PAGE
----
Russia’s annexation of Crimea is and remains in violation of international law. There is no political deal and no recognition.

The US wants to extend its fight against the “Islamic State” to Syria and establish a broad-based alliance against terrorism. A new coalition of the willing, in which Germany too will take part?

Terms like “coalition of the willing” arouse false perceptions. So we should get away from the debate about buzzwords. What is more important is the question of how to stamp out ISIS. Anyone who believes they can do this mainly by military means is under an illusion. That said, it would scarcely have been possible to stop ISIS’s advance in northern Iraq without the US air support. Similarly, our decision to provide the Kurdish security forces with equipment was the correct one, even if it was difficult. However, the whole thing needs to be embedded in a political strategy.

In concrete terms, what shape should this strategy take?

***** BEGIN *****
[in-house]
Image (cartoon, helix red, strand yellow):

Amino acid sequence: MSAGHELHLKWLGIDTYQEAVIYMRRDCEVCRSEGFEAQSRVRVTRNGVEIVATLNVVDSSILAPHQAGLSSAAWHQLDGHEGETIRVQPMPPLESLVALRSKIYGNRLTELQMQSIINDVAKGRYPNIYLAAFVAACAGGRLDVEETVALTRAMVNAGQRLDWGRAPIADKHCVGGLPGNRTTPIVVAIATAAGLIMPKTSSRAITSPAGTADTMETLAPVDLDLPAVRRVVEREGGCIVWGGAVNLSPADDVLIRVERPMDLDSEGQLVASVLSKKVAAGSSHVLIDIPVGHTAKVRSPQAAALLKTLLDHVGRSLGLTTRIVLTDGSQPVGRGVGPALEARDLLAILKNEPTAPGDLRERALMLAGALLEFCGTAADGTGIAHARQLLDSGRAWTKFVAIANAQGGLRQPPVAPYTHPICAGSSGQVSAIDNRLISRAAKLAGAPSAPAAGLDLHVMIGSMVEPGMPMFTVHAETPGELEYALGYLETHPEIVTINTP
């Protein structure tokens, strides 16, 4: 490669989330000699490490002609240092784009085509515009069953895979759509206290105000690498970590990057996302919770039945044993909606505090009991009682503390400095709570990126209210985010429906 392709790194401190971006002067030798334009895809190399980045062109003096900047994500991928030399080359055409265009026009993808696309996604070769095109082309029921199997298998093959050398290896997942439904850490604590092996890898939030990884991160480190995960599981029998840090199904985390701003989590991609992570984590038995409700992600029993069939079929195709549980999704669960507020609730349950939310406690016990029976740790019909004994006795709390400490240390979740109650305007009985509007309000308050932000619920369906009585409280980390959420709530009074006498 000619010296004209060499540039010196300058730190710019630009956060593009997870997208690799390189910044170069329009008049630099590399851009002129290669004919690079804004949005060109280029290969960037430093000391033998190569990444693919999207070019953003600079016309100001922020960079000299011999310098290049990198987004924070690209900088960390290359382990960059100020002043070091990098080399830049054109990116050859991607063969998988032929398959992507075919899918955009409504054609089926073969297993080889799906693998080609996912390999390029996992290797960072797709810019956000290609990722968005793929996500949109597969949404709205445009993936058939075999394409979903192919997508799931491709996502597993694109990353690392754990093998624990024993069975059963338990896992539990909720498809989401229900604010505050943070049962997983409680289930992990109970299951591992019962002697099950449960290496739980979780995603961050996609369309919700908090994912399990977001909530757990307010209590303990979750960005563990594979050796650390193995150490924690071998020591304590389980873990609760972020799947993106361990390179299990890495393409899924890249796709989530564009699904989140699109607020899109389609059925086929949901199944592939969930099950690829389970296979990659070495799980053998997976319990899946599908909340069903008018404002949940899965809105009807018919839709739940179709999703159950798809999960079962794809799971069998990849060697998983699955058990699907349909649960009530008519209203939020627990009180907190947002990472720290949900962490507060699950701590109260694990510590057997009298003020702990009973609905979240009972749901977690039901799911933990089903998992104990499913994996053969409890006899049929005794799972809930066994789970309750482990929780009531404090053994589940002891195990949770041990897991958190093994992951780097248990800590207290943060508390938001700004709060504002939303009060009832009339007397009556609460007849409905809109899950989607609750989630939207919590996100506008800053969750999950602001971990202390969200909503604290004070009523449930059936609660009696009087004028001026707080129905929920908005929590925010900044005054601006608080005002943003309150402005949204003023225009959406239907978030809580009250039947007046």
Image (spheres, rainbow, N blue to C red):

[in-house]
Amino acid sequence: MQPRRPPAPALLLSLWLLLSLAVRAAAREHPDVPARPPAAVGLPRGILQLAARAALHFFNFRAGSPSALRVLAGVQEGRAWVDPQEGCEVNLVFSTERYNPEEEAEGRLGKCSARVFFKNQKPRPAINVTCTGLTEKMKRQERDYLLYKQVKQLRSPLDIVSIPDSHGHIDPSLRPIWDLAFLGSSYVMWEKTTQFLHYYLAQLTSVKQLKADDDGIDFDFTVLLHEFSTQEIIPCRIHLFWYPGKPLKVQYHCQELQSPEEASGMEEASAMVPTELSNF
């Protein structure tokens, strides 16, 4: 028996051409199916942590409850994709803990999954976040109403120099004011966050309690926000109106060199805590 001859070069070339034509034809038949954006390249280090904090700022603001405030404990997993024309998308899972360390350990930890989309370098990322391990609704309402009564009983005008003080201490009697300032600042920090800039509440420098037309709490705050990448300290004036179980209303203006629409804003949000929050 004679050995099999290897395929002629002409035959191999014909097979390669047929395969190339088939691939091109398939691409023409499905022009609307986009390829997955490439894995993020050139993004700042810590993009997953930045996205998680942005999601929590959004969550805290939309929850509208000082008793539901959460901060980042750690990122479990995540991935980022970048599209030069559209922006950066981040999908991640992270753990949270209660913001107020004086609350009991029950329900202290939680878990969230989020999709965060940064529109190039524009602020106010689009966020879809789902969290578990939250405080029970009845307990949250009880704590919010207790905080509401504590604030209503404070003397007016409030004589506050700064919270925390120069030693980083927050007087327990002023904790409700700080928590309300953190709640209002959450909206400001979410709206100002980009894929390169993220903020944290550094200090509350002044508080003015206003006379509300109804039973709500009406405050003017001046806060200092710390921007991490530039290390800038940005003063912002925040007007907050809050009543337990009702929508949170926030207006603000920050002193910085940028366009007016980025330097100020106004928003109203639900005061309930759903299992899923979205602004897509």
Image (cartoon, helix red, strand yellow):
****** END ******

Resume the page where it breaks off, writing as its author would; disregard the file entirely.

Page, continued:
There are four main things we need to achieve. We need a new domestic policy in Iraq. It seems to me that new Prime Minister Al‑Abadi is seriously endeavouring to integrate all religious groups and regions. For one thing is clear: there must be an end to the Sunni clans’ support for ISIS. Secondly, the regional actors must also reach agreement on a joint approach to tackling the influence of radical Islamist and terrorist groups. There have been positive signals in this regard in recent days. Part of this, thirdly, is removing the ideological breeding ground for the ISIS terrorist regime. The vast majority of Muslim authorities have positioned themselves against ISIS. And Muslims should speak out even louder against ISIS’s abuse of their religion. Fourthly, we need to cut off ISIS’s financial support and stop it attracting fighters. We are just at the start of our fight against ISIS. On Monday the French President is hosting a first exchange in Paris. I have issued an invitation to a G7 meeting on the fringe of the UN General Assembly in New York. First and foremost, the aim will be to agree with the states of the region on the next concrete steps in the fight against ISIS.

There is now criticism that not enough aid for refugees in the region is getting through.

We do not have the problem that there is not enough humanitarian assistance available. I have been able to see for myself that the aid is arriving in refugee camps. The biggest challenge now is to help the refugees get through the winter.

Interview conducted by Andreas Herholz. Reproduced by kind permission of the Passauer Neue Presse newspaper.